David Davis urges George Osborne to use economic 'shock therapy'

David Davis David Davis said the coalition's deficit-cutting programme had been "too little, too late".

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A senior Conservative MP has urged Chancellor George Osborne to use "shock therapy" to create economic growth.

David Davis said Mr Osborne should cut taxes and spending further to "reinvigorate" fortunes.

The former shadow home secretary said the economy, which has been contracting since the start of the year, was in the "11th hour, if not the 59th minute".

Prime Minister David Cameron has promised to show "fighting spirit" to try and turn things around.

Mr Davis, who stood against Mr Cameron for the Tory leadership in 2005, urged Mr Osborne to use the Autumn Statement later this year to set out plans to end the recession.

'Decline'

In a speech to the Centre for Policy Studies think tank in London, he said the economy needed "shock therapy to jolt it out of the torpor".

Start Quote

Our chancellor is a clever and resourceful man”

End Quote David Davis Conservative MP

He added: "Inaction could deliver decades of decline and disappointment to a whole new generation."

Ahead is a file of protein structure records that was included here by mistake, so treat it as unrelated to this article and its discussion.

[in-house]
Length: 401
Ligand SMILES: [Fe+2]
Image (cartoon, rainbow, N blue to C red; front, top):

He suggested the coalition's deficit reduction programme had been "too little, too late" and called for a wide-ranging package of support for small and medium-sized businesses.

That meant cutting taxes, regulation and energy costs and ensuring adequate bank lending was available.

Mr Davis said: "We are not quite out of time. It's the 11th hour, if not the 59th minute.

"Our chancellor is a clever and resourceful man. He should take the opportunity of the Autumn Statement in a few weeks' time to lay out a plan to reinvigorate Britain."

On Sunday, the prime minister promised to show "fighting spirit" as he prepares to announce a series of measures designed to promote economic growth.

He said he wanted to "cut through the dither" which had held the UK back.

Initiatives

The government has said it will underwrite up to £50bn of private sector building projects which need finance.

The Treasury said the The Infrastructure (Financial Assistance) Bill, which expands on a scheme launched in July, will facilitate £40bn of construction projects by using the government's low interest rates to underwrite them.

Ministers are also expected to set out plans to underwrite construction of up to £10bn worth of new homes, including guaranteeing the debt of housing associations and private sector developers.

In addition, the government will legislate to speed up planning decisions and encourage development of Green Belt land, if certain conditions are met.

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